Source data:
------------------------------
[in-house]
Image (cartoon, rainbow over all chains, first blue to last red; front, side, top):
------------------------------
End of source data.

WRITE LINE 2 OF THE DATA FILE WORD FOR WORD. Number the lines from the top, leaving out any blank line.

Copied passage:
Image (cartoon, rainbow over all chains, first blue to last red; front, side, top):